For a critical review paper, there is no need for separate sections on “Materials and Methods”. Rather, the main body should be subdivided to several sections according to the relevant areas of the work as determined by the author in a logical sequence. It should end with a section on Way Forward and Recommendations.

This section re-states the major findings and recommendations of the study and should be brief and concise. No new issues should be presented here. It can start with a brief summary of the work and then end with the major conclusions. Note that a reader that does not have time will read only the abstract and the conclusion.

This section is used for acknowledging any funding agencies that gave grants or support for the work. It is not a place for thanking family members.

The “name-date” method of reference is used. References should help the reader, librarian, or indexer to retrieve the items cited and therefore should be done in an orderly manner in such a way that they are verifiable. Within the text, refer to the item with the name of the author and year of publication. Example – Okonkwo (2017), for single author; Abubakar and Ahmed (2017), for two authors and Afolayan et al (2017) for more than two authors. These should be listed in full in the section on references in alphabetical order of the surname of the first author.

Reynolds, D.P. 2017. Introduction to Fluid Mechanics. Macmillan Publishers, Lagos. pg213-300.
Ochigu, T.B. 2016. Effect of velocity on drag coefficient. Ph.D. Thesis, African University of Science and Technology, Abuja.
Abubakar, Y.M; Offor, B.N. and Ojo, W.P. 2017. How to Write a Journal Paper. International Journal of Writing. Elsevier. 233(3):45-89.

Assemble and define all mathematical symbols, abbreviations, etc in this section.

Provide an appendix if necessary. This is used where there is need for further explanation of an issue. This is only allowed in special cases where a reference cannot be provided for the reader.

Mathematical equations should be progressively numbered as they occur. All symbols used must be defined at their point of first occurrence and listed and defined under Nomenclature.

Figures are important in presentations. You should include figures to emphasize points made in the text, not merely to illustrate tabular material graphically. Illustrations attract the reader's attention, clarify the text, and should not be included unless discussed in the text. Graphs and charts should be designed to improve the general presentation of a technical publication by reporting data in a manner easy to comprehend. The decision to select and use charts or graphs should be governed by the writer's message and the points to be brought out in the illustration. Graphs primarily show trends; therefore, it is not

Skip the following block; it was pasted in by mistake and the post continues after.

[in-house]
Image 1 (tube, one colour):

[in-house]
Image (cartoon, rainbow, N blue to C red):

necessary for you to show all the coordinate rulings in most graphs. Photographs should only be used if they show something essential to the point being made. High quality photos made for slide projections or talks are usable if they make a point. All graphs, charts, photographs are referred to as Figures and should be numbered as Figure 1, 2, 3…. In order as they occur. All figures taken from previous publications should be properly referenced. The figure caption should be placed below the figure. Colour can be used where necessary.

Tables are used for reporting extensive numerical data in an organized manner. They show classifications, facilities comparisons, reveal relationships, and save space. They should be self-explanatory. Data presented in tables should neither be duplicated in figures nor reviewed extensively in the text. Give specific references and explanation in the text to introduce each table. It is seldom necessary to use a table for fewer than eight items of data. Table captions should be brief, but must sufficiently explain the data included. Number your tables consecutively and refer to them in the text as table 1, table 2, etc. Show the units for all measurements in spanner heads, in column heads, or in the field. Use no more digits than the accuracy of the method justifies. Table captions should be on top of the Table.

Manuscripts should be submitted electronically as attached file in MS Word. This should be submitted to any member of the Editorial Board (see emails listed).